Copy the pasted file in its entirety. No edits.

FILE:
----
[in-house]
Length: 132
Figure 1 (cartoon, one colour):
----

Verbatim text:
[in-house]
Length: 132
Figure 1 (cartoon, one colour):